Seurasaari island's open air museum
The first open-air museum (1909) in Finland is a tranquil oasis in the midst of the city and at the museum the traditional Finnish way of life is displayed in the cottages, farmsteads and manors of the past four centuries that have been relocated from all around Finland. It is a comprehensive review of traditional housing and architecture.
Walked the place in fast forward, see the results in pictures.
The brilliant architect's Aalto House
In 1934, Aino and Alvar Aalto acquired a site in almost completely untouched surroundings at Riihitie in Helsinki’s Munkkiniemi. They started designing their own house which was completed in August 1936.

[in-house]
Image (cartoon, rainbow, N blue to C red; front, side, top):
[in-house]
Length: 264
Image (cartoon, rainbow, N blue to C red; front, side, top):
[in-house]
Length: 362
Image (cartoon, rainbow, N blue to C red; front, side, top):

The house was designed as both a family home and an office and these two functions can clearly be seen from the outside. The slender mass of the office wing is in white-painted, lightly rendered brickwork. There are still clear references to Functionalism in the location of the windows. The cladding material of the residential part is slender, dark-stained timber battens. The building has a flat roof and a large south-facing terrace.
Although the street side elevation of the house is severe and closed-off, it is softened by climbing plants and a slate path leading up to the front door. There are already signs of the ‘new’ Aalto in the Aalto House, of the Romantic Functionalist. The plentiful use of wood as a finishing material and four open hearts built in brick also point to this.
The Aalto House is a cosy, intimate building for living and working, designed by two architects for themselves, using simple uncluttered materials.